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7 February 2024

Backlog and Steady State Model 2023: Executive Summary

Local authority road network condition is assessed via the Scottish Road Maintenance Condition Survey. Using specialist vehicles equipped with lasers and high-resolution cameras, a variety of road characteristics are recorded.

The collected data is assessed, and a Roads Condition Indictor (RCI) score assigned to each ten-meter stretch of road. This score allows categorisation of each section of road into one of three categories;

  • Green – where the road is generally in a good state of repair
  • Amber – where the road shows some apparent deterioration which should be investigated to determine the optimum time for planned maintenance
  • Red – where the road is in poor overall condition and likely to require planned maintenance soon (ie within a year or so)

The survey aims to cover all local authority A roads in both directions every two years, all B and C roads in both directions every four years and a 10% sample of unclassified roads every year, with the RCI for unclassified road being calculated from four years of combined data to give a rolling four-year indicator.

Overall Results

Since 2019, the overall condition of Scotland’s roads has improved with most authorities showing a modest improvement. This is reflected in the 2.7 percentage improvement change in overall RCI score.

The overall 2023 Scottish RCI score was 33.6%.

Scottish Headline Backlog Budget

The cost of treating all road sections categorised as red or amber within one year is known as the headline backlog budget.

Despite most authorities showing an improvement in their RCI, the 2023 backlog figure increased by 16.3% to £2.196 billion. This is primarily due to the increase in treatment costs since 2019.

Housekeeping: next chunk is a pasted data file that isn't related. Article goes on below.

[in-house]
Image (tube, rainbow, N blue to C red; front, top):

Scottish Steady State Budget

The steady state budget is the cost to maintaining the network (accounting for annual deterioration)  in its current condition for ten years.

The total annual steady state budget for 2023 is £333.0 million. This is £12.1 million or 3.5% less than the 2019 steady state figure. The decrease can be attributed primarily to the improvement in RCI across most authorities.

Since the last Backlog and Steady State Report in 2019, Scottish local authorities have faced significant financial challenges including the increases in treatment rates as highlighted above.

With Audit Scotland noting that authorities are now entering the most difficult budget setting context seen for many years, it has never been more important to understand the condition of Scotland’s roads. Effective use of survey data and analysis is essential for the identification and application of the most impactful roads maintenance strategies.

For further details, please see the full SCOTS Backlog and Steady State Model 2023.